“Interventions” is performed as part of Corpus Unika on September 18th. Martin Stauning will be alone on stage as performer, and the music literally derives from his movements.
“The piece stages trivial everyday actions like shaving or mopping the floor,” Stauning explains about the piece where his movements will be picked up by contact microphones on his fingers. “I try to find the inherent sound of these actions, which are repeated in a loop. What we hear are the extremely amplified sounds, and while the action is repeated, the sound will be looped and further amplified in an internal feedback.”
The idea behind the piece is to explore what Martin Stauning calls the ‘indifference of everyday actions’. “The indifference gets its own meaning in a piece like this,” he says. “Actions that in their regular context have no deeper meaning – like shaving or washing your hands – are pulled out of context and seen as a musical or performative object, allowing it to be a part of the music in the same way as an F minor chord or a bar of four beats.”
“Through repetition these actions are ascribed a sort of meaning,” Stauning explains and continues: “It simply has to! We would not be able to bear our existence if the trivialities in life did not have a meaning.”
To Martin Stauning, stepping into the role of performer is a way of putting himself out there in a different way from the composer sitting behind a desk. “You kind of turn yourself into a target, saying, come on, shoot at me, if you want to!”
At the same time, it leaves the composer in complete control of the piece. “I enjoy it very much when musicians interpret my works,” says Stauning. “But in this exact piece it is important for me, that there is no difference between the creator and the interpreter. For better and for worse – because if it doesn’t turn out as you hope, there is only one person to blame,” he laughs.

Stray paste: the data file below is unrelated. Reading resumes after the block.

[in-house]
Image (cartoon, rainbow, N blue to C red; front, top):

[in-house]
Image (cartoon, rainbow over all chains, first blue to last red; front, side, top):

Martin Stauning comes from a background as a professional ballet dancer, and standing in front of an audience is in no way new to him. “I hope, that my familiarity with the stage helps me,” he says. “The most important thing is to have a sense of timing on a stage. If you are just the least bit nervous, ten seconds feels like ten minutes, and you need to be able to control that feeling.”
Stauning hopes that his sense of timing also plays a part when he sits at his desk as a ‘regular’ composer. “I hope, that if there is just one thing I have a feel for, it is timing – when exactly to jump, and when to move a little faster or a little slower in a longer passage” he says. “It is completely intuitive, but I believe that this is something I have simply incorporated into my body.”
However, he does not believe that he is more inclined to get up on stage because of his background as a dancer. Quite the opposite. “It has taken me a long time to open up that box again,” Stauning says. “I have performed on enough stages in my life, and I would really rather not go back up there. In that sense I am exactly like all other composers, so when I do it, it is pure flagellation.”
But then why do Martin Stauning and his colleagues take on the part of performers in their own works?
“Maybe it is actually quite natural,” Stauning says hesitantly, not too eager to deliver an analysis of a whole generation. “Maybe it is a natural next step in the history of music, where composers along the way have questioned different elements of music: You question the traditional formats, the language of classical music, the context of the work and the concept of a work itself.”
“Today music can be anything and everything, so now what we see instead is that the composers question themselves. Instead of asking for instance: What is an instrument? Now you ask: What is a composer?”
Read our feature about performing composers.